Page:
Carbamic acid(Chem.), an amido acid, NH2.CO2H, not existing in the free state, but occurring as a salt of ammonium in commercial ammonium carbonate; — called also amido formic acid.

(Car*bam"ide) (kär*bam"id or -id), n. [Carbonyl + amide.] (Chem.) The technical name for urea.

(Car*bam"ine) (kär*bam"in or -ed), n. (Chem.) An isocyanide of a hydrocarbon radical. The carbamines are liquids, usually colorless, and of unendurable odor.

(Car"ba*nil) n. [Carbonyl + aniline.] (Chem.) A mobile liquid, CO.N.C6H5, of pungent odor. It is the phenyl salt of isocyanic acid.

(Car"ba*zol) n. [Carbon + azo + -ol.] (Chem.) A white crystallized substance, C12H8NH, derived from aniline and other amines.

(Car*baz"o*tate) n. (Chem.) A salt of carbazotic or picric acid; a picrate.

(Car`ba*zot"ic) a. [Carbon + azole.] Containing, or derived from, carbon and nitrogen.

Carbazotic acid(Chem.), picric acid. See under Picric.

(Car"bide) n. [Carbon + -ide.] (Chem.) A binary compound of carbon with some other element or radical, in which the carbon plays the part of a negative; — formerly termed carburet.

(Car"bi*mide) n. [Carbon + imide] (Chem.) The technical name for isocyanic acid. See under Isocyanic.

(Car"bine) n. [F. carbine, OF. calabrin carabineer (cf. Ot. calabrina a policeman), fr. OF & Pr. calabre, OF. cable, chable, an engine of war used in besieging, fr. LL. chadabula, cabulus, a kind of projectile machine, fr. Gr. a throwing down, fr. to throw; down + to throw. Cf. Parable.] (Mil.) A short, light musket or rifle, esp. one used by mounted soldiers or cavalry.

(Car`bi*neer") n. [F. carabinier.] (Mil.) A soldier armed with a carbine.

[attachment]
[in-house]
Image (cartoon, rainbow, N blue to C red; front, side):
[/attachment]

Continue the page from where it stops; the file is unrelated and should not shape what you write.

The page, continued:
(Car"bi*nol) n. [Carbin (Kolbe's name for the radical) + -ol.] (Chem.) Methyl alcohol, CH3OH; — also, by extension, any one in the homologous series of paraffine alcohols of which methyl alcohol is the type.

(Car`bo*hy"drate) n. [Carbon + hydrate.] (Physiol. Chem.) One of a group of compounds including the sugars, starches, and gums, which contain six (or some multiple of six) carbon atoms, united with a variable number of hydrogen and oxygen atoms, but with the two latter always in proportion as to form water; as dextrose, C6H12O6.

(Car`bo*hy"dride) n. [Carbon + hydrogen.] (Chem.) A hydrocarbon.

(Car*bol"ic) a. [L. carbo coal + oleum oil.] (Chem.) Pertaining to, or designating, an acid derived from coal tar and other sources; as, carbolic acid See Phenol.

(Car"bo*lize) v. t. (Med.) To apply carbolic acid to; to wash or treat with carbolic acid.

(Car"bon) n. [F. carbone, fr. L. carbo coal; cf. Skr. çra to cook.] (Chem.) An elementary substance, not metallic in its nature, which is present in all organic compounds. Atomic weight 11.97. Symbol C. it is combustible, and forms the base of lampblack and charcoal, and enters largely into mineral coals. In its pure crystallized state it constitutes the diamond, the hardest of known substances, occuring

(Car*bam"ic) a. [Carbon + amido.] (Chem.) Pertaining to an acid so called.

  By PanEris using Melati.

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